Vibrators in the Old Century


18 May 2012| 1 Comment on Hysteria     by Sean Chavel


Historical piece for adults that is a naughty charmer. Hysteria is based on the true story (really!) of the accidental invention of the vibrator in 1880’s London. The dreamy handsome M.D. is played by Hugh Dancy (“Martha Marcy May Marlene,” “Ella Enchanted”), who works as apprentice to the rigid Jonathan Pryce, who has treated all hysterical women suffering from weeping, nymphomania, melancholia, and anxiety by… well, vaginal fingering. It never occurs to the old doc that it should be mistaken with sexual stimulus. He’s getting old now, so he needs an M.D. with young hands. When Dancy gets a case of elbow cramps, he decides to make his own apparatus as a substitute. Voila, History is born!

Sounds like anything but endearing. But the movie actually is endearing! The period detail – the upper class duds, the horse carriages, the velvety décor – is all very top-notch. It’s like an old Merchant-Ivory production warped with titter-laugh naughtiness. The actual scenes of Dancy stimulating women in the stirrup chair is done somewhere in the middle – more than discreet but less than graphic. It is titillating enough, in case you had hoped.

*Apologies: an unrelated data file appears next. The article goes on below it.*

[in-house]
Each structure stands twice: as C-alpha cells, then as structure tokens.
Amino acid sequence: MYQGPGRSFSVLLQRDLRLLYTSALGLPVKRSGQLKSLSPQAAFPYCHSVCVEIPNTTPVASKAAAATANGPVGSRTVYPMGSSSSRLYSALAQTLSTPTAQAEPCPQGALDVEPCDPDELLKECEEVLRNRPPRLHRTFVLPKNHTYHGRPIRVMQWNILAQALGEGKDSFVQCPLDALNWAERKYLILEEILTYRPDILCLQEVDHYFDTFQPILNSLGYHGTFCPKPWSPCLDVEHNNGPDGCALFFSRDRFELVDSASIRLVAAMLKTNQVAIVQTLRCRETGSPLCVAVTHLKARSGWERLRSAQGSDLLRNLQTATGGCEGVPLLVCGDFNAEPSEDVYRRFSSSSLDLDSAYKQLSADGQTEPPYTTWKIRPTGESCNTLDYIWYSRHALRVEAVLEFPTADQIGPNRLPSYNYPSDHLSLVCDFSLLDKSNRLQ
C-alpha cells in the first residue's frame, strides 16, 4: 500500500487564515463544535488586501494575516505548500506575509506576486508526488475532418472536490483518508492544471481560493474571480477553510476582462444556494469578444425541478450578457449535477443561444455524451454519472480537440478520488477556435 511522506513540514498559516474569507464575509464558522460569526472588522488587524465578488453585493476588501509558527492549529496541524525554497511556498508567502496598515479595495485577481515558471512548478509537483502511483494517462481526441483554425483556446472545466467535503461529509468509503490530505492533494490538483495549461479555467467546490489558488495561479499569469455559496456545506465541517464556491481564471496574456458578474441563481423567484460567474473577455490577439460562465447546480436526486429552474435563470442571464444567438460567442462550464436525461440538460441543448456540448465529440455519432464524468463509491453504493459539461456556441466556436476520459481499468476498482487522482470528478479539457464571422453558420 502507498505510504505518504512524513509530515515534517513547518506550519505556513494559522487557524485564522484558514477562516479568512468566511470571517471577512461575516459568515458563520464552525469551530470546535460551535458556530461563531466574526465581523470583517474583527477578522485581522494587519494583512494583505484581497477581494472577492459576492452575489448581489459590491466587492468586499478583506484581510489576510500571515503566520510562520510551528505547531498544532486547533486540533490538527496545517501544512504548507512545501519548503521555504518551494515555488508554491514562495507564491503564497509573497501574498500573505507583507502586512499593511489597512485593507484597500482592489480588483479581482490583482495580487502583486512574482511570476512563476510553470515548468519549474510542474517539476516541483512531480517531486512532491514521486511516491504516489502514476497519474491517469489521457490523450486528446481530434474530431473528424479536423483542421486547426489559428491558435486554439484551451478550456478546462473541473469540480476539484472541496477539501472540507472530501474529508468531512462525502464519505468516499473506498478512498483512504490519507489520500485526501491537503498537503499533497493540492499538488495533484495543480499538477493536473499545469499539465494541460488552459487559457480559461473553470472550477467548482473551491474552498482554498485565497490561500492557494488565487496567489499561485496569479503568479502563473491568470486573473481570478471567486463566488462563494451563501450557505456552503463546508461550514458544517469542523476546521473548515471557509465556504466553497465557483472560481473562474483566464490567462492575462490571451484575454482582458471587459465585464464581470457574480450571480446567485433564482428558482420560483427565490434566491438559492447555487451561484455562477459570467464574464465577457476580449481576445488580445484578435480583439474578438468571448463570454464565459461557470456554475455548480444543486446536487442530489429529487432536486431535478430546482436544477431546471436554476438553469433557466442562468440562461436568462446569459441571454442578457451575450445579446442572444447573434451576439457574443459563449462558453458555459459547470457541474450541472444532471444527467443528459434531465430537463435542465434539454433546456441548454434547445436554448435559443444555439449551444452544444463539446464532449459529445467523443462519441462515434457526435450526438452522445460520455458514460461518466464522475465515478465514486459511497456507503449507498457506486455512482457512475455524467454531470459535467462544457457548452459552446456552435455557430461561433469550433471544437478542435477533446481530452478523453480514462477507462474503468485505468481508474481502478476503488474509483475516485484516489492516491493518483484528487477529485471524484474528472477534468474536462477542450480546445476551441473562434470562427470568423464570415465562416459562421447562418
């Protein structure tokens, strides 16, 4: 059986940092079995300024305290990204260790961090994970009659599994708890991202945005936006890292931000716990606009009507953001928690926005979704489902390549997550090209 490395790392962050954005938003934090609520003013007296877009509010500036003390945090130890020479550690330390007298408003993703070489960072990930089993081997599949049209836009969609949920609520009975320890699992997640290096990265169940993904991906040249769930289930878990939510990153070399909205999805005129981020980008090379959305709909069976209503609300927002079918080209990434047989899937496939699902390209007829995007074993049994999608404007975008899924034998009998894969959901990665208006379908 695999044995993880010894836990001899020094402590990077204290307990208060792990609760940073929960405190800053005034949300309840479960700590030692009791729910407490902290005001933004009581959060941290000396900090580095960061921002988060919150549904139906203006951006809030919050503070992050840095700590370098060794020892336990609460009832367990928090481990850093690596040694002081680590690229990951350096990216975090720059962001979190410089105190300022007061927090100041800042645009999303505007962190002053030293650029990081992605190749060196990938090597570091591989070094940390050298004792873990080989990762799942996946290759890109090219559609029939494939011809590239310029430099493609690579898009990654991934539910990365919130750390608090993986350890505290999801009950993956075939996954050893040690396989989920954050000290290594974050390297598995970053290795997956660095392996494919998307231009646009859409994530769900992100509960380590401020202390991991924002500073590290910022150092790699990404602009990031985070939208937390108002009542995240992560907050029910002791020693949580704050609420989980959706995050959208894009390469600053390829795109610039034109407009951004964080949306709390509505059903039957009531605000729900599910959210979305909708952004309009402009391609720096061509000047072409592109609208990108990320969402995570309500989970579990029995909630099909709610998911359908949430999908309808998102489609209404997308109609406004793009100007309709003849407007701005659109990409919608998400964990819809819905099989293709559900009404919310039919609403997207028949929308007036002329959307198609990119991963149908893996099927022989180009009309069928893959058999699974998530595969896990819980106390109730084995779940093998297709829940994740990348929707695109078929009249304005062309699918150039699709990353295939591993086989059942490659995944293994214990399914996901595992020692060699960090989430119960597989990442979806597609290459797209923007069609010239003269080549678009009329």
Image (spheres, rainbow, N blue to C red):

Two ladies of the house represent Pryce’s daughters. One is very proper, the other is wayward and outspoken (Maggie Gyllenhall, “Crazy Heart” portrays her). The two of them play out a good enough love story, and oddly (if not anachronistically), they share a tenuous chemistry. Gyllenhaal of course doesn’t believe in half of her father’s endeavors, so it only makes sense that she secretly desires for Dancy to rebel as well. But she’s more fine than coarse as it turns out, and he’s more of a gentlemanly chap than a renegade.

95 Minutes. Rated R.


Film Cousins: “Dangerous Beauty” (1998); “The Widow of St. Pierre” (2001, France); “Chi-Hwa-Seon: Painted Fire” (2003, South Korea); “Mrs. Henderson Presents” (2005).


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Sean Chavel

About The Author / Sean Chavel

Sean Chavel is a Hollywood based author and movie reviewer. He is the Executive Director of flickminute.com, a new website that has adapted the movie review site genre by introducing moodbased and movie experience based reviews.


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    hashbrowny says,


    This sounds like a scandalously funny movie. I never would have paid attention to it if it wasn’t for your positive review. Looking forward to it!


    on May 21, 2012


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